Pitch counts approved for high school baseball in Ohio

Tippecanoe’s baseball players mob then-junior Aaron Hughes (6) after his three-hit, complete-game shutout in a 1-0 defeat of Springfield Shawnee in the Division II sectional final last season. GREG BILLING/CONTRIBUTED

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Tippecanoe’s baseball players mob then-junior Aaron Hughes (6) after his three-hit, complete-game shutout in a 1-0 defeat of Springfield Shawnee in the Division II sectional final last season. GREG BILLING/CONTRIBUTED

The Ohio High School Athletic Association announced its maximum allowed pitch counts for baseball pitchers on Thursday. This was in response to a mandate by the National Federation of State High School Associations last year that each state do so prior to the upcoming spring season.

“We have met that goal,” OHSAA assistant commissioner Jerry Snodgrass said in a statement. “We continue to look at further ways in which these limitations will affect teams as well as providing adequate education for our coaches and those in non-school baseball.”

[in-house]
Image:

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The new ruling is a combination of pitches and recovery days. There will be a daily limit of 125 pitches. There also will be varied recovery days: 1-30 pitches, zero days recovery; 31-50, one day; 51-75, two days; 76-plus, three days.

Other new pitch-count rules are a limit of one game in a doubleheader if the total surpasses 31; a daily pitch count may be exceeded to finish an at-bat; schools must supply daily pitch-count data to a collection system and have it available to the OHSAA upon request; suspended games will count toward pitch counts; scrimmages and preview pitch counts will count.

Also, teams will forfeit any game in which a pitch count is violated.

Previously in Ohio, pitchers were regulated by an innings-pitched rule. There are no pitch limits for softball.

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